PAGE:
When Supporters Strip Rape Victims

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Credit: galaxies and hurricanes

I’ve been following news about the Brock Turner rape case. (And, let’s get this straight. It was rape.)

I’m encouraged by the public outpouring of support for the young woman he assaulted. People want to express their outrage over Turner’s too-light sentence and that’s a good thing.

But we should be careful about speaking for and over victims.

“Her life is ruined.”

“She’ll never recover from this.”

I’ve read comments like these about this particular woman, and so many other women who’ve been raped, assaulted, and abused.

Let me tell you something about being a victim. It strips you of power—of agency. When you’re in the middle of it, you’re not the one calling the shots and making decisions. Someone else is in control of you. Someone else is forcing you to play a role you don’t want.

And you’d think once the violence ends, that’s over. You get control back. Except society has its own role you’re expected to play. Now you’re a victim. And for some reason (maybe out of a desire to shield and protect) people think they get to speak for you. That they get to frame your life.

This woman wrote a strong letter, which she read aloud in front of Turner.

You took away my worth, my privacy, my energy, my time, my safety, my intimacy, my confidence, my own voice, until today.

Victims are often stripped of their voice. Because of fear or shame or people who won’t listen. It’s important to allow them to speak about their experiences, on their own terms, without projecting our own assumptions onto them.

If a victim says, “My life was ruined,” she is absolutely allowed to say that. She lived through the experience, so she gets to express herself in any way she needs to.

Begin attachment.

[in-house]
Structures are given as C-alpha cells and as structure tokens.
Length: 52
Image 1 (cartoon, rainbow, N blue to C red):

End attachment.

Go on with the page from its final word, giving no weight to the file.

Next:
But you don’t get to say it. Because you don’t know.

You have no way of knowing what she’ll do with her life in the future. A rape survivor isn’t just a rape survivor. She’s a lot more than that. Don’t strip her of the rest of her identity.

Do you have any idea how many people have been assaulted in the US? Over 293,000 people every year. Do you honestly think that none of these people will go on to do great things? That all of these lives are ruined?

How do you think it makes a rape survivor feel when she hears, “Being raped ruins a woman’s life”? Don’t you think that might further strip her of agency? She wasn’t in control of her life during the rape, and now you aren’t allowing her to be in control of her life after the rape. You’re saying that another person’s actions will always steer her life.

Maybe she’ll have a hard time moving forward. Maybe she’ll never quite be able to move forward. Or maybe she will.

You don’t know. Because it didn’t happen to you.

We rightly crack down on people who say, “Oh, why doesn’t she just get over it? It wasn’t so bad.” But let’s crack down on people who swing the narrative too far in the other direction too.

Is rape a serious and terrible crime? That’s an emphatic yes. I’m not suggesting it’s less significant than it is.

What I’m saying is the only person who gets to decide what a rape survivor does with her life is her. She gets to be in control. Not us.

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1 Comment

  1. Jonny Rashid June 15, 2016 at 5:58 am

    I’d add one more Person to that list.


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